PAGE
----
The Dos and Don'ts of Taking the Perfect Nap

Woman napping on couch
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Sleep deprivation is said to be a "public epidemic" by the Center for Disease Control and Prevention (CDC), with an estimated fifty to seventy million Americans who have a sleep or wakefulness disorder. While there are practices that you can utilize to get better sleep, sleep deprivation is often a fact of life. One of the best ways of managing sleep deprivation is by taking a nap.

Naps have not only been found to help in the recovery process after sleep deprivation, but have also been said to increase alertness, creativity, memory and productivity.

Not all naps are created equal.

This article discusses some "dos" and "don'ts" of taking the perfect nap, so that you can make sure you are maximizing a nap's potential to give yourself the boost you need.

Do: Nap at the same time daily

The idea is to get your body used to the same schedule, much like it is important to try to maintain consistent sleep and wake times at night and in the morning. Ideally, schedule your nap seven to eight hours after waking, when you may be most in need of it. For most people, this would fall in the early afternoon.

Don't: Nap after dark

If you nap after dark, your body might think that it is actually going to sleep for the night. Napping after dark can make it harder to wake up afterwards. A late morning or early afternoon nap is a better idea than napping after dark.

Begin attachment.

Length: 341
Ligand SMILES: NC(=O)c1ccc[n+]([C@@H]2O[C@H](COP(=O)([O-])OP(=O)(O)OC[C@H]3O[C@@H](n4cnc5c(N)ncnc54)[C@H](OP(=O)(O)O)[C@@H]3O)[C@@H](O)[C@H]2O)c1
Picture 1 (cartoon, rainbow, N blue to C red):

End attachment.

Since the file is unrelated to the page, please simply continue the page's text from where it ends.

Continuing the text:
Do: Eat before napping

Napping after lunch is a great time to get your rest. By eating first, you will be less likely to be woken from your nap by hunger.

 It is not a good idea to eat foods heavy in fat or sugar, as these foods can make it more difficult to fall asleep. A better choice of food includes those higher in calcium and protein, which are more likely to promote sleep.

Don't: Drink alcohol or take sleeping aids to induce a nap

The point of a nap is to feel refreshed, but if you drink alcohol or take sleeping aids prior to your nap, you will wake up feeling groggy and possibly even more tired than prior to sleeping.


Do: Keep your naps short and sweet

"Power naps" are known to be right around twenty minutes. It is important to keep your naps short so that you only go through stage one and two of sleep, without entering into the deeper sleep associated with stage three, which is harder to wake up from. 

Don't: Sleep for too long

You probably know that feeling of waking up from a nap and feeling more tired than when you originally put your head on the pillow. The solution to this problem is to shorten your nap time. Sticking to shorter naps will prevent you from falling into deeper levels of sleep that are harder to come out of than the lighter sleep that is associated with the first two stages of sleep.

If you can get the timing right, do: Drink coffee before napping

Much advice out there says to skip the coffee before your nap, as caffeine can interfere with your sleep or make it impossible for you to fall asleep. If you can get the timing right, however, coffee before napping might result in even greater alertness upon waking. According to a study of sleep deprived drivers, researchers found that caffeine ingested before a fifteen minute nap was most effective in the reduction of sleepiness and driving impairments upon waking.


A perfect nap may only take twenty minutes, but can make a big difference in your life, especially if you are having a hard time getting enough sleep otherwise.


Banks S, Van Dongen HPA, Maislin G, Dinges DF. (2010). Neurobehavioral dynamics following chronic sleep restriction: dose-response effects of one night for recovery. SLEEP, 33(8):1013–1026.

Greenfield, B. (2014). Beyond Training: Mastering Endurance, Health, and Life. USA: Victory Belt Publishing, Inc.

Horne, JA, Reyner, LA. (1996). Counteracting driver sleepiness: effects of napping, caffeine, and placebo. Psychophysiology, 33(3): 306-309.